Tweedy hopes that despite the controversy surrounding trans surgery, community members recognize that the benefits offered by Penn can potentially save lives and are not merely designed to feminize or masculinize a person’s appearance.

Because of hormone therapies, he explained, trans people run higher risks for certain kinds of reproductive cancers that may be overly expensive to remove via surgery.

“AETNA was billed a little over $43,000 for my surgery, and that’s not something I could have ever paid out of my own pocket,” Tweedy said. “But because I had the benefits to cover that, not to sound dramatic, it could have potentially saved my life.”

One step at a time

In February, the LGBT Center announced the launch of TransPenn, a new multi-constituency group for trans people and allies.

Founded by Dawn Munro, who is transgender and works as a scientist at Penn, the group offers support for anybody who is currently undergoing or has already finished the gender transition process.

TransPenn is the first trans-support organization on Penn’s campus.

But, as Munro revealed, the group was originally founded on tragedy.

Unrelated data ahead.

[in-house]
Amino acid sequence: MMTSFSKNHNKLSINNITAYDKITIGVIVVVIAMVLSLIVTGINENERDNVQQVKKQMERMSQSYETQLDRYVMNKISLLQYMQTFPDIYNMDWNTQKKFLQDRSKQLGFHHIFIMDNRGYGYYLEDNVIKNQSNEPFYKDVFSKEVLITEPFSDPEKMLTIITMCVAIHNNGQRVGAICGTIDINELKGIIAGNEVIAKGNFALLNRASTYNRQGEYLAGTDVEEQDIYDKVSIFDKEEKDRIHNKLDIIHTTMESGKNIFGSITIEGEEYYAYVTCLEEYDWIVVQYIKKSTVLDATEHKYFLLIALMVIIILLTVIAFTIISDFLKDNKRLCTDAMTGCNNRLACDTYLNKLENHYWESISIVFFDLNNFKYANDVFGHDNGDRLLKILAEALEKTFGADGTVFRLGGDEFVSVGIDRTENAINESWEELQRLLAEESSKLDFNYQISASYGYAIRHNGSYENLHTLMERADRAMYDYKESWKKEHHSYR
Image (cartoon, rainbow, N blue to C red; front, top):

“In May of last year, a very good friend of mine who had also transitioned died,” Munro said. “She had unfortunately taken her own life and the night that she did that, she sent me a couple of messages.”

Munro, however, did not receive the messages for help until the next day, and since then, her friend’s death has haunted her.

“It’s easy to say that you can’t be responsible for everybody, but at the back of my mind, there’s a thought that if I had been there that she may have lived,” Munro said.

With this thought lingering, Munro then began speaking with Cross about establishing a support group for trans people at Penn. Eventually, she was able to start TransPenn.

“What if I had been there to support?” Munro said. “That’s pretty much what is and was in my mind.”

Room to grow

Despite the number of victories and policy reforms the transgender community at Penn has achieved, the push for positive change has yet to end, Cross said.

“It is hard for a lot of people to understand what it means to be transsexual and what transsexuals must go through to simply fit into society and live our lives,” explained Dana Taylor, a transsexual employee who works in the Office of Information Security.

“I don’t think everybody gets it. It’s so multifaceted — I still don’t get it,” added Cross. “But awareness has definitely raised. I think most folks on campus — at least student-wise — know what transgender is now or at least have some idea of what it is.”

With Penn now among a select number of institutions nationwide that have approved coverage for employee gender reassignment surgery, Taylor hopes this will cause a “ripple effect” for other universities to follow suit.

Cross added that continued education will always remain of the utmost importance throughout the advocacy process.

“We had to start with education — why it was so important to have this, why surgery is medically necessary,” she said. “We’re working to educate folks that gender identity is a many-faceted thing and can’t always be contained in one word.”